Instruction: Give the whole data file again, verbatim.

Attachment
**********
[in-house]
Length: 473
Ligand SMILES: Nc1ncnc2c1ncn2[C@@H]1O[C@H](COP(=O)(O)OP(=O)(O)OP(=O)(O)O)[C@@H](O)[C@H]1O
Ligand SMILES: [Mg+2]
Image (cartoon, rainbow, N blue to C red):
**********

[in-house]
Length: 473
Ligand SMILES: Nc1ncnc2c1ncn2[C@@H]1O[C@H](COP(=O)(O)OP(=O)(O)OP(=O)(O)O)[C@@H](O)[C@H]1O
Ligand SMILES: [Mg+2]
Image (cartoon, rainbow, N blue to C red):